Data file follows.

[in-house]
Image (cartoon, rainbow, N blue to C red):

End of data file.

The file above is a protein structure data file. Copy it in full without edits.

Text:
[in-house]
Image (cartoon, rainbow, N blue to C red):